When Awkward. closed the first half of the third season earlier this year, it was with the promise of ten more episodes to debut this fall. Around the same time, however, we learned those ten episodes would be the final ones for creator Lauren Iungerich, who left the show to explore other opportunities.
I’ve been covering the show for The A.V. Club since mid-way through its first season, and Iungerich has been kind enough to drop into the comments and engage with viewers on occasion (and has already weighed in on some of the comments on my review of “Surprise!”, tonight’s premiere).
Having spoken to Lauren about the show ahead of its second season here at Cultural Learnings, I got in touch with her this week to get some perspective on “Surprise!” and the final ten episodes as we march toward her “series finale.” Schedules permitting, my goal is to have a few of these conversations throughout the season to get further perspective, likely with a more retrospective interview to follow later in the year.
In the meantime, some Q&A on “Surprise!”, Jenna as—a sort of—anti-hero, and Season 3’s arc as a whole:
Jenna’s arc in Season 3 can be pretty cleanly mapped onto the two half-seasons: the first ten episodes explored her struggles to reconcile her complex relationship with Matty with her attraction to Collin, and now the back half can explore the consequences of her decision to explore said attraction. Two questions tied to this: First, what drew you to what Mr. Hart calls an “anti-hero” story for this character?
Lauren Iungerich: I wasn’t trying to tell an “Anti-hero” story per se, not in the traditional sense. The idea for this season’s arc was to take Jenna—the once underdog girl who became the “every girl” (albeit an every girl with multiple suitors)—and make her an underdog once again…but this time of her own volition. She is going to create her own drama, conflict and issues which bring the show and Jenna full circle and yet with an entirely new perspective about who she wants to be. This is the season where Jenna is defining herself for herself. But in order to do that we have to see Jenna go on a real teenage journey of selfishness. She has to make bad decisions to gain perspective, and this makes Jenna unlikeable at times. Making Jenna unlikeable was a bold choice that I made for the series and I stand by it because it makes her incredibly real, especially on a teen comedy. And when you get to the end of season, I promise you: it will all be worth it.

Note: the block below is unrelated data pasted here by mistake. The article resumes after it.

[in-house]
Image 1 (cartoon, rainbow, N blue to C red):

Second, did the arc predate the choice from MTV to do a split 20-episode season? If so, how did the additional episode order affect how you told and/or structured the story?
LI: They ordered 20 from the start. I knew they might split them so I arced them in episodes of 10 (which also makes the storytelling cleaner and clearer), and as I was writing it became clear there would be a break between each 10 (wasn’t sure how long it would be—I was always the last to know). But the storytelling was laid out for all 20 from the beginning. The 20 episodes had a long form beginning, middle, and end, and then each 10 also had a beginning, middle and end within them. So it was designed and planned from the get-go.
As you may know, my biggest issue with the first half of the season was Collin, who always registered as a contrivance—or, more generously, a catalyst—rather than a real character to me. He’s a more concrete presence in the premiere, now that he’s no longer just an option for Jenna to idealize, but I guess I’m wondering if this is a case where I’m missing a character that’s there or whether his fairly thin, smolder-heavy persona is intended to reflect Jenna’s idealized image of him.